• MobaXterm
    Free, full-featured, graphical Windows SSH, SCP, and SFTP client.

Mac OS X:

  • You should have already installed the "scp" command-line program. You may start a local terminal window from "Applications->Utilities".
  • Cyberduck is a full-featured and free graphical SFTP and SCP client.

Globus

Globus, previously known as Globus Online, is a powerful and easy to use file transfer service for transferring files virtually anywhere. It works within ITaP's various research storage systems; it connects between ITaP and remote research sites running Globus; and it connects research systems to personal systems. You may use Globus to connect to your home, scratch, and Fortress storage directories. Since Globus is web-based, it works on any operating system that is connected to the internet. The Globus Personal client is available on Windows, Linux, and Mac OS X. It is primarily used as a graphical means of transfer but it can also be used over the command line.

Link to section 'Globus Web:' of 'Globus' Globus Web:

  • Navigate to http://transfer.rcac.purdue.edu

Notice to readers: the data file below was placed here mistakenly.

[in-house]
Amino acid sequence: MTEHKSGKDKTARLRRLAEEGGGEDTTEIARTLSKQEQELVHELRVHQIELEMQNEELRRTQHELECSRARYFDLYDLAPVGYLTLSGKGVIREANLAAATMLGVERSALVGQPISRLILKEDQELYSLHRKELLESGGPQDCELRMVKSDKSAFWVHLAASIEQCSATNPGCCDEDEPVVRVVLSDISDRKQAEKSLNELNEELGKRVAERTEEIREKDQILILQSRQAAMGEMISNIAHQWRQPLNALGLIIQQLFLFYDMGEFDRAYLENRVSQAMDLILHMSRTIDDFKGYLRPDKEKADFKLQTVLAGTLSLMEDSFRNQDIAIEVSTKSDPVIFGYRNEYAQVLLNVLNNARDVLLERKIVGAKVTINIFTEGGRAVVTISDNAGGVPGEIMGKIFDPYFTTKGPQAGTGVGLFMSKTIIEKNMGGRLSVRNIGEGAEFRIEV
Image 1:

• Click "Proceed" to log in with your Purdue Career Account.
  • On your first login it will ask to make a connection to a Globus account. If you already have one - sign in to associate with your Career Account. Otherwise, click the link to create a new account.
  • Now you are at the main screen. Click "File Transfer" which will bring you to a two-endpoint interface.
  • You will need to select one endpoint on one side as the source, and a second endpoint on the other as the destination. This can be one of several Purdue endpoints or another University or your personal computer (see Personal Client section below).

The ITaP Research Computing endpoints are as follows. A search for "Purdue" will give you several suggested results you can choose from, or you can give a more specific search.

  • Home Directory storage: "Purdue Research Computing - Home Directories", however, you can start typing "Purdue" or "Home Directories" and it will suggest appropriate matches.